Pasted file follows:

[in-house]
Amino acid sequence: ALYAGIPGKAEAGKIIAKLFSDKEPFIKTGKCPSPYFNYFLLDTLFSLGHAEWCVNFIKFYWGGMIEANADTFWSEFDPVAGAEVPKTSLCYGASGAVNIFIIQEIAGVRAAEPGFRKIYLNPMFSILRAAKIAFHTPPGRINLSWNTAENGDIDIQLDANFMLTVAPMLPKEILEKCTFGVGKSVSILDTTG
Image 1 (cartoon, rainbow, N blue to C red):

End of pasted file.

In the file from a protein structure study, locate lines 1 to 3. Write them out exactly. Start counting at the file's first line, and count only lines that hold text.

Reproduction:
[in-house]
Amino acid sequence: ALYAGIPGKAEAGKIIAKLFSDKEPFIKTGKCPSPYFNYFLLDTLFSLGHAEWCVNFIKFYWGGMIEANADTFWSEFDPVAGAEVPKTSLCYGASGAVNIFIIQEIAGVRAAEPGFRKIYLNPMFSILRAAKIAFHTPPGRINLSWNTAENGDIDIQLDANFMLTVAPMLPKEILEKCTFGVGKSVSILDTTG
Image 1 (cartoon, rainbow, N blue to C red):